Day 05: Manitoba Beauty, in All Sizes

After breakfasting this morning with several dozen Rotary members, who are a rabble-rousing bunch, we hit the road by 8:15am.  We had a lot to do, a lot of ground to cover, and only so much time in which to do it.  So we were off!  Well, sort of.  It was the morning rush hour and there were a lot of Peggers on the roads, all in a neat and orderly fashion, of course.

A not-so-shy red-sided garter snake

A not-so-shy red-sided garter snake

The drive out of Winnipeg took us past a long row of nothing but gas stations and then like *that* we were back into flat farmlands for miles with Winnipeg in our rearview mirror.  We were heading due north along Hwy 7, the blue skies were filled with geese heading due south, the sun was shining bright, and all was well.  Eventually the farmlands yielded to vast expanses of birch forests with green, yellow, amber, and burgundy leaves.  It was stunning.

We drove just north of the town of Narcisse to the world famous Narcisse Snake Dens.  Each Fall thousands of red-sided garter snakes come from up to 20km away to over-winter in these limestone dens, making it the largest concentration of snakes in the world.  They then form their hibernacula (snake balls) until spring, when they mate and head off in separate directions.  I imagine by the beginning of Spring they are sick of their denmates and can’t wait to get outta there for some peace and solitude.  They’d better choose wisely who they ball up with.  No one likes a space hog.

Snake balls!

Snake knot

The wide and well-maintained pathways wound through birch forests to the marked dens.  As we neared each den there would be snakes darting off here-n-there (they are pretty shy), but many were out and enjoying this gorgeous, sunny day just as we were.  This stop was well worth the 2-hour detour we took to get there.

Continuing on, we took the very rural-but-scenic Hwy 68 west past Lake Manitoba.  It was the kind of route where you needed a full tank of gas and an empty bladder, because there weren’t many roadside amenities.  In fact, we’re pretty sure people are milling their own wheat for flour and whatnot because it seemed you could drive an hour or two in any direction and still not hit a grocery store or neighbor.  Or even a Tim Horton’s.  It was also very flat, and at one point we saw rain clouds in the far distance but for all we knew they were two days away over Edmonton.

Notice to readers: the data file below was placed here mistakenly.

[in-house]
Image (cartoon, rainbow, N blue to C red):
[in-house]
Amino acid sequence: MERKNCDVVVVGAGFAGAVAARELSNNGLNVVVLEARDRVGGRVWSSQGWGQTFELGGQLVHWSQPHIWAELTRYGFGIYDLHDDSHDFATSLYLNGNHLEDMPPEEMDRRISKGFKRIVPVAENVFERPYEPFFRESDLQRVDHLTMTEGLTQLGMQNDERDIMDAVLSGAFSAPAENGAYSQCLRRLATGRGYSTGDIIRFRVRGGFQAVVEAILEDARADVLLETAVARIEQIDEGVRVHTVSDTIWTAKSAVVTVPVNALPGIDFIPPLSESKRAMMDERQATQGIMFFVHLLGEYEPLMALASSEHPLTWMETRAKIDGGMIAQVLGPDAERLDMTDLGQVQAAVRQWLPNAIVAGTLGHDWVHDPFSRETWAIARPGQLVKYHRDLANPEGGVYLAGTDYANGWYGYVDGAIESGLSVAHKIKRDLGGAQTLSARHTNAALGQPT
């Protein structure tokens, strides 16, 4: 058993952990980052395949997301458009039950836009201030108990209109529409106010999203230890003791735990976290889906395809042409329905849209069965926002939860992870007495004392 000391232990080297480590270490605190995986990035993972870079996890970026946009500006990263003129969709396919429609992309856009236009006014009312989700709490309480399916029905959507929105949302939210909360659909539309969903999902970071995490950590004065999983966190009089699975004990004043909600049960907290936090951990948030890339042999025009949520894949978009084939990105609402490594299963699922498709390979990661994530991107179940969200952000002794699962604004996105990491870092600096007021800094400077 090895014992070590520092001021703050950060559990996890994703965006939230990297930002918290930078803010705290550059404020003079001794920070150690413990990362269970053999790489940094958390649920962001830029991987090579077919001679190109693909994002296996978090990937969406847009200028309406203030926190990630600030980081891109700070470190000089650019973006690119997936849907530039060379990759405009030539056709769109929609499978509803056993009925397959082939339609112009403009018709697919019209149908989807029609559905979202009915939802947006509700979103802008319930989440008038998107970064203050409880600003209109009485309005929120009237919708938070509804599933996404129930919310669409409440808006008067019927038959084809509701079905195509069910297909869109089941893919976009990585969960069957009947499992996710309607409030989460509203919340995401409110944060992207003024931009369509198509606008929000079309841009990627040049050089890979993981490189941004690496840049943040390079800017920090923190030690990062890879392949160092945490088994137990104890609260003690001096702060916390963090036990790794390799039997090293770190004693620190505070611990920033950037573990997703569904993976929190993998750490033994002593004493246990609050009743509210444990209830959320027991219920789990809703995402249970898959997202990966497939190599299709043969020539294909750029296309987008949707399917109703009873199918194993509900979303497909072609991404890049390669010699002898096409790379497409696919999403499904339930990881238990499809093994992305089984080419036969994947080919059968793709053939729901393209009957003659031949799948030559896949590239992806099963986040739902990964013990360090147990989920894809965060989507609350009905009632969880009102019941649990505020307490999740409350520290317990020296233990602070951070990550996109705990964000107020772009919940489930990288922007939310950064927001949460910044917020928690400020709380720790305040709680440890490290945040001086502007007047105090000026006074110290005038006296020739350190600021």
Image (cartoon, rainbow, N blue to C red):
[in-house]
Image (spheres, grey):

RMNP (mooseless) prairie

RMNP (mooseless) prairie

Besides the snake dens, the other big stop of the day was to Riding Mountain National Park (RMNP).  You can see it for miles, as the land takes a notable upturn in the otherwise flat terrain.  It’s not known as the Manitoba Escarpment for nothing.

We dropped into RMNP from the north entrance and once you enter the park you are welcomed by large swaths of scenic beauty.  Once again (and stop me if I’m being redundant), the fall color was a bright festival and the Caution: Moose Crossing signs had our eyes peeled.

It was time.  Time to go moosing.

Lake beauty

RMNP lake beauty

As we’d been in the car awhile, we decided to stretch our legs with a quick 1.5km hike through some prairielands, skirting a forest.  No moose were sighted, but we weren’t exactly delicately tip-toeing along the trail and they might have heard us coming.  Next we drove down and stopped at Moon Lake then Grayling Lake, and both were absolutely eye-catching but no moose.  Jimmy did see a red squirrel, though, which heightened our wildlife senses.  But, and certainly no disrespect to the red squirrel, we were hoping to see some large ungulates today.

We carried on down to the southern entrance in the town of Wasagaming, procured our National Parks Pass (CAD$136.40; valid for 1 year), then drove up to the Wishing Well to make a small donation and fervently wish to see some large animal action.

This is a bison. He doesn't care.

This is a bison. He doesn’t care.

Up next was about a 50km roundtrip drive on a gravel road out to the Bison Range at Lake Audy, where we were fortunate enough to see two bison grazing and completely oblivious to our cameras snapping away.  They seemed so much less excited to see us than we were them.  I guess when you are as large as a 1-ton truck you don’t let much get under your skin.

We headed back out to the main road (Hwy 10) to drive north through the park once more, still looking for moose.  But being the experienced moosers we are (from the one other time in Maine), we knew that the sun was still a little too high in the sky at 6pm for the real action to begin.  And unfortunately we left the park mooseless but found it well worth the visit, nonetheless.

An industrious beaver built this lodge

An industrious beaver built this lodge

After leaving RMNP we stopped for dinner at Mr. Mikes Steakhouse Casual in Dauphin, because with a population of over 8,000 people it was the largest town for miles.  Then we hit the road for the final 90km to the Harvest Moon Inn in Roblin, MB.  We arrived after 8pm, which meant we’d been out touristing away for almost 12 hours and were beat.  Soon after arrival we hit the hay – all of that moosing took it right out of us.

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